John Nye
George Mason University



(Thursday, 6th May 2004)

Title : Cliometrics and the NIE: The Rise of the New Institutional Narrative

I. Introduction: Why Are Some Nations Rich and Some Poor?

  • Economic History as the Empirical Study of Long Run Changes in Economic Development

II. From Story-Telling to the Rise of the New Economic History (also Cliometrics)

  1. The Development of National Income Accounting
  2. Importance of the Neoclassical/Solow Growth Model
  3. Rostow and the Stages of Economic Growth
  4. Mathematics, Econometrics and History: the Invention of Cliometrics
  5. From Success to Stagnation

III. North and the Rise of the New Institutional Economics

  • The shift from macro modeling to considering the role of political economy, law, and organization

IV. Core of the NIE Methodology

  • The problem of credible commitment
  • The conflict between production and predation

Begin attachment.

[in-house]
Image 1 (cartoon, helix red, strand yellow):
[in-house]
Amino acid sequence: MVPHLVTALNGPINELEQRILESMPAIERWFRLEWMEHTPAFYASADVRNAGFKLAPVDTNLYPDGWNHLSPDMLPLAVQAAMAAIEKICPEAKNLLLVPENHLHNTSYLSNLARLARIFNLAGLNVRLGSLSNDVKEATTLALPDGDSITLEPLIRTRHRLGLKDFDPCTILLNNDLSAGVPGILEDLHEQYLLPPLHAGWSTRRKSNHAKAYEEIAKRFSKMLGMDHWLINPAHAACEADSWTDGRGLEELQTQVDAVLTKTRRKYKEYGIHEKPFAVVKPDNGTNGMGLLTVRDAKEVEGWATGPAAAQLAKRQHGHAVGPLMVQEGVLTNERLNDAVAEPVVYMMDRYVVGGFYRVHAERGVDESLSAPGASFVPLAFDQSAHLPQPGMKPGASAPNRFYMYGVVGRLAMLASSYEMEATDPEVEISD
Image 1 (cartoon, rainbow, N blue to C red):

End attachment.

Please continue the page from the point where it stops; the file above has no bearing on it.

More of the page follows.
V. Methodological Pluralism

  • Case studies, game theory, micro analysis
  • The new institutional narrative as analytical synthesis

VI. Where Do We Go From Here?

Bibliographical references :

Douglass North and John V. C. Nye, Cliometrics, the New Institutional Economics, and the Future of Economic History. Economic History Association, 62nd Annual Meeting, "Private versus Public Institutions", October 11 - 13, 2002.

Douglass C. North, "Sources of Productivity Change in Ocean Shipping, 1600-1850," Journal of Political Economy 76 (Sept/Oct. 1968), pp. 953-70.

Greif, A. (1997) "Cliometrics after 40 Years", American Economic Review, 87 (2), p 400-403.